What the U.S. Abortion Ruling Means
Professor Douglas Kmiec Analyzes the Court's Decision
MALIBU, California, MAY 4, 2007 (Zenit) - The U.S. Supreme Court's recent decision to uphold a federal partial-birth abortion ban may be the necessary precedent to validate future laws defending life, according to an expert on family law.
For the first time since the Roe v. Wade decision in 1973, the U.S. Supreme Court has upheld a ban on a specific type of abortion.
For an in-depth analysis of this decision, we turned to Douglas Kmiec, professor and Caruso Family Chair in Constitutional Law at Pepperdine University, and a former justice department official and dean of the law school at Catholic University of America.
Q: First of all, can you tell us what the Supreme Court actually held in Gonzales v. Carhart?
Kmiec: Carhart upheld a nationwide ban on partial-birth abortion enacted by Congress as the Partial-Birth Abortion Ban Act of 2003.
Partial-birth abortion involves the near completed delivery of an intact child only to intentionally puncture the child's skull for purposes inflicting death by suctioning out the brain.
The Supreme Court found the state of Nebraska's ban of this gruesome procedure too vague to be enforceable, and lacking a health exception.
Congress tightened up the language and supplied an exception for life, but not for health. Responsible medical testimony found the procedure to be "never medically necessary" and fraught with its own health risks.
In its latest ruling, the court conceded that the need for a health exception was contested. Nevertheless, in spite of that medical uncertainty, the court found there was no basis to invalidate the law in its entirety.
Rather, the presumption should be in favor of the law's enforcement, leaving the door ajar just a bit should an unusually rare medical condition be specifically demonstrated to medically require the procedure.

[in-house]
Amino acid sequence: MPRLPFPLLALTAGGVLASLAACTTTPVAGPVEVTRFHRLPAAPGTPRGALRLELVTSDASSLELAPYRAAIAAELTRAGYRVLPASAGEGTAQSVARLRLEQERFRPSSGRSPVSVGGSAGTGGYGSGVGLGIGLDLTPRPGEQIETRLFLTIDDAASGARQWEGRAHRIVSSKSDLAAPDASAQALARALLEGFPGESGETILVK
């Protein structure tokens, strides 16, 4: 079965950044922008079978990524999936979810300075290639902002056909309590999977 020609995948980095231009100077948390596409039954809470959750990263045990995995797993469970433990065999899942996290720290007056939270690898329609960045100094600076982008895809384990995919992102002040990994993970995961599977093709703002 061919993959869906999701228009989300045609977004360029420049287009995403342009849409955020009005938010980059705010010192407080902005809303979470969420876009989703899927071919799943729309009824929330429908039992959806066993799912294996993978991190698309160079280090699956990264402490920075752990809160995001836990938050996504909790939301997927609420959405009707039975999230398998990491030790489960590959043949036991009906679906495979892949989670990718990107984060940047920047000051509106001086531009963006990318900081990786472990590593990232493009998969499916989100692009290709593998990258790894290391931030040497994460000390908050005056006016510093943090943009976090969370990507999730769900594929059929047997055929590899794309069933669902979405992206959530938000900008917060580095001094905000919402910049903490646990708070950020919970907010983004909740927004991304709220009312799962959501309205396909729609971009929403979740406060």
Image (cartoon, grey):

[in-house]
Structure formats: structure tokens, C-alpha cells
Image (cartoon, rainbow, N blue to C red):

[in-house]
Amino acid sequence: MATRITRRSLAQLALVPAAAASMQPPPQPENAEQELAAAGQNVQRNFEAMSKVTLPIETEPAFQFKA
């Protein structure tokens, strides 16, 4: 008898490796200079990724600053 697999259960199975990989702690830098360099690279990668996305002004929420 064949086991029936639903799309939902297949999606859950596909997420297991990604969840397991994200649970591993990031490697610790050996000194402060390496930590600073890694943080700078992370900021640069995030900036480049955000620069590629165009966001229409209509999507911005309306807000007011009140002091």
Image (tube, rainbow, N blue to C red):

In general, said the court, the federal restriction was perfectly valid since "the government has a legitimate and substantial interest in preserving and promoting fetal life."
Notwithstanding a great deal of hyperbole in the general press, Carhart is a faithful application of the earlier Casey precedent and it reaffirms that the states "retain a critical and legitimate role in legislating on the subject of abortion.... The political processes of the state are not to be foreclosed from enacting laws to promote the life of the unborn and to ensure respect for all human life and its potential."
In this particular case, this meant that Congress did not need to supply a generally applicable health exception to the ban of a procedure that the Congress found was "never medically necessary."
The court did not necessarily accept that congressional finding; instead, it provided that any woman who believes she is facing a unique health challenge may make an individualized challenge to the ban on that case-by-case basis.
Q: There is some debate over whether Gonzales v. Carhart was a narrow decision that upheld a congressional law banning a specific abortion procedure or whether it completely changed the legal landscape of abortion. What is your assessment?
Kmiec: While only vindicating a ban of one notably ugly procedure, the ruling is important for the insight it supplies about the new "Roberts Court." Especially relevant is the extent to which the court chose to highlight the profound social injury that abortion represents to motherhood.
Writing for the court majority -- which included Chief Justice John Roberts and Justices Samuel Alito, Clarence Thomas and Antonin Scalia -- Justice Anthony Kennedy affirmed that "respect for human life finds [its] ultimate expression in the bond of love the mother has for her child."
Acknowledging abortion to be a painful and difficult moral decision, the court pronounced that it would be "self-evident" for any mother to regret her choice to abort. The majority speculated that this pain would be far greater if the law had permitted a doctor to engage in the shocking killing of a child partially born.
From the technical perspective of the law's development, Carhart is important in a number of respects that will increase the likelihood that abortion regulation beyond this one procedure will be upheld in the future.
First, it is an elementary rule that "every reasonable construction must be resorted to in order to save a statute from unconstitutionality."
Prior to Carhart, this basic principle of law and judicial humility was nevertheless disregarded in abortion cases. It was almost as if abortion legislation was presumed invalid, rather than valid. Carhart seems to change this giving more presumptive validity to abortion laws generally.
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